March 26, 2011- One of the more popular services at Solantic, the urgent care chain co-founded by Florida Gov. Rick Scott, is drug testing, according to Solantic CEO Karen Bowling.
Given Solantic's role in that marketplace, critics are again asking whether Scott's policy initiatives – this time, requiring drug testing of state employees and welfare recipients – are designed to benefit Scott's bottom line.
The Palm Beach Post reported in an exclusive story two weeks ago that while Scott divested his interest in Solantic in January, the controlling shares went to a trust in his wife's name.
This raised a groundswell of concern and questions about his health policy initiatives, especially his push to move Medicaid into private HMOs. Solantic does not take Medicaid but does business with private Medicaid HMOs. The questions are growing louder with Scott's executive order on drug testing.
Solantic charges $35 for drug tests. The main customers? People who want advance reassurance they will pass an upcoming drug test for work or parole, and worried parents who bring in wayward teens, Bowling said. Customers can have results sent confidentially to their homes, without involving their employer or insurer.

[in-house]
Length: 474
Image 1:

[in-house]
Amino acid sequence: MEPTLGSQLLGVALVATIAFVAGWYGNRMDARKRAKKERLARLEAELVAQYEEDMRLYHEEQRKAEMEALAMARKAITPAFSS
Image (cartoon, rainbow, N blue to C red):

"The wellness tests have really grown. People want to come in and find out, and then never see us again," Bowling said in an interview last month.
'Elephant in the room'
Scott surprised state employees Tuesday by issuing his executive order for mandatory drug testing of all prospective hires, and random drug testing of current employees, in agencies whose directors he appoints.
In the same announcement, he praised the Florida Legislature for its plans to require all welfare applicants to undergo drug testing as well.
Taken together, the initiatives could affect hundreds of thousands of Floridians, forcing them to submit to drug tests or risk losing their public jobs or benefits.